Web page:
Why, Lewis asks in Miracles, do we always speak of God and heaven in negative terms? We are corporeal, we say, while God is non-corporeal. Earth is physical; heaven is non-physical.
The truth, as presented in Scripture, is quite different. The God of the Bible is not non-corporeal but trans-corporeal. He is more than the creatures he made, not less. We are personal, conscious beings, not because we were created by an impersonal, unconscious force but because the One who made us is both trans-personal and supra-conscious.
In the same way, heaven is not non-physical but trans-physical. God’s dwelling place is more than, not less than, our own. Heaven is not earth with all the “stuff” taken out, but ultimate reality. Though Plato was wrong to speak of our world as an illusion, as an insubstantial imitation of an imitation, Lewis was right to suggest (in the final chapter of The Last Battle) that compared to the thundering reality of heaven, our earth is but a shadow-land.
Our misunderstanding of heaven rests in part on our misunderstanding of our own human nature. We are not, as Plato thought, souls trapped within bodies but enfleshed souls: not half body and half soul, but 100% physical and 100% spiritual. And when we die, that duality will persist.
Though I love the film It’s a Wonderful Life, I’m afraid it has led many Christians astray. Let me state it clearly: we do not become angels when we die. Angels are fully spiritual beings, even as animals are fully physical. But we, the great amphibians of the universe, were created to be enfleshed souls and will remain so in heaven.
Even so, Jesus Christ, who assumed our nature in the Incarnation—becoming fully God and fully man—will remain incarnate for eternity. Rather than return to heaven as pure spirit (as the First and Third Persons of the Trinity are pure spirit), Christ rose in a Resurrection Body with which he will be clothed forever.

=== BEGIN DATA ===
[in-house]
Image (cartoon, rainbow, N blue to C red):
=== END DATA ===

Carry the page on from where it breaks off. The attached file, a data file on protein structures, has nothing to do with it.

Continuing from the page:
When the last trump sounds and the old earth and old heaven pass away, we too shall be clothed in Resurrection Bodies and live upon a new earth that is more, not less, physical than our present planet. Indeed, in The Problem of Pain, Lewis suggests that there will be animals in heaven—not because Lewis thought animals had souls, but because he could not believe that heaven would be robbed of the physical glory of the lion, the bear, and the elephant.
In The Great Divorce, Lewis imagines what might happen if the souls of the damned were allowed to board a bus in hell and ride on it to heaven. In keeping with Lewis’s firmly biblical view of a trans-physical heaven, when the shrunken souls of the damned (Lewis compares them to greasy stains on a window pane) step off the bus, they find that the grass of heaven is so physical, so substantial that they are unable to bend it. In fact, in a bravura display of heavenly irony, Lewis depicts the damned as being able to walk on the water—not because they are Christ-like, but because the water is too solid to allow their ghostly bodies to penetrate it.
Yes, our world is real, but its temporal reality offers us but a glimpse, a faint foreshadowing of the greater reality that is to come.